Being a mom on a regular day with a normal child is hard, but when you add a special needs child, things go from hard to heavy, depressing, and desperate.
It makes you not want to get out of bed because you know it will be another day like the one you just had. Never knowing when the next meltdown is going to happen, you hide at home in fear of judgments of the people around you.
Grandma was always good at comforting me when I was upset, except when talking about William.
Things were different when she was a girl. Children like William were thought a waste of time to teach. They were considered “retarded” by society. Even doctors said there was no hope.
Grandma did not have an encouraging word or any experience to bring comfort- and all I felt was disappointed.
As the kids and I walked the aisle at Aldi, I was approached by a woman, who invaded my personal space to talk to me. I was a little surprised, being so focused on buying my groceries and getting out of there, I wasn’t prepared to have a stranger stop and talk to me.
The woman, named Michelle, took this opportunity to talk to my children. They, in their beautiful innocence, saw what I was too distracted to see. They saw a woman who was not unlike their brother, William.
Treating her with kindness and compassion, they set the example not only for everyone else in the store but me as well. I stood there in awe at how amazing my children were.
While Michelle talked, I pieced together that the perfectly coifed and attired white-haired woman watching, was her mother. I walked over to her and asked if I could hug her. It was more than a hug, but a passing of emotional energy filled with love, life, and hope.
Over the next 5 minutes, I learned her story. She was a mother of nine; the youngest was 44, Michelle and her twin brother, and he had earned his doctorate. I hugged her again for sharing the experience of raising a large family.
Then I asked it! The same question I ask every special needs mom, “How do you do it because I constantly feel like a failure?”
She told me Michelle wasn’t supposed to walk or talk. The doctors didn’t know what to do for her, so they did nothing. Peg pushed for therapies; the doctors were sure was a waste.
She reminded me that I am the only advocate for my child. I am the only one who can push for a better life for him.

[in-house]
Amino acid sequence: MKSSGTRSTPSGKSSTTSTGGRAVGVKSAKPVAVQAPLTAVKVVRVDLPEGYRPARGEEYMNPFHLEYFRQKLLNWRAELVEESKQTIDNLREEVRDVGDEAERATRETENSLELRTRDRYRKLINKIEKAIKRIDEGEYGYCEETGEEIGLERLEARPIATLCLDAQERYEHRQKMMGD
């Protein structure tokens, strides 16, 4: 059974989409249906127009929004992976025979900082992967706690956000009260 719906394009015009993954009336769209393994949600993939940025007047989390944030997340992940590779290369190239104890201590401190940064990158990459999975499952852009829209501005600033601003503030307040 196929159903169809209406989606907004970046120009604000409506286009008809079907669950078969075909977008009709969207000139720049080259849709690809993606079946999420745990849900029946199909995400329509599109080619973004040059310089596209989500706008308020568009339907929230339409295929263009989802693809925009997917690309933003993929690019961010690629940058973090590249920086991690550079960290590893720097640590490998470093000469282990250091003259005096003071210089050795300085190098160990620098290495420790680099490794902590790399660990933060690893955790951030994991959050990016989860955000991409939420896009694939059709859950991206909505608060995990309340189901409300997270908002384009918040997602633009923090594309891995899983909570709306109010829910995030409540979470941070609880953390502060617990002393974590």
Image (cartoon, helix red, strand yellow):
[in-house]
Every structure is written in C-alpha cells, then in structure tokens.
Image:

A Soul Hug
Before I left her, she hugged my soul. “I am so blessed to have my daughter. My husband died many years ago. My other children are all grown and moved on with their lives, because of her, I am not alone. She gives me a reason to get up in the morning. She is the reason I remember to eat, to live and be happy. I am so blessed. God knew exactly what he was doing when he gave her to me.”
I stood there listening to her and sobbing. Peg gave me HOPE! Hope that I can not only make it through being the mom to a special needs child but that God promises there will be a blessing on the other side.
Peg was exactly what my heart needed.
She was the example, the light in the darkness.
When I saw Peg and Michelle again, Stephen was with me. As he stood there listening to Peg tell her story, I phased out and was brought back to my conversation with Grandma when I begged her in tears to give me something to help my baby.
I don’t know if it was because I was with Peg or just God’s grace, but I was reminded of the rest of the conversation. While we stood there, I was so wrapped up in what Grandma didn’t give me; I missed the most important part.
It is with Grandma’s wisdom I want to conclude this story.
She said she didn’t know what to do about William except- Love him like God loves you because there is always Hope in Him.
In a way, Grandma again “spoke” to me from Heaven, proving how much she loved me.
When things are hard, Mamas, love your babies like your Father loves you, because there is always, always HOPE!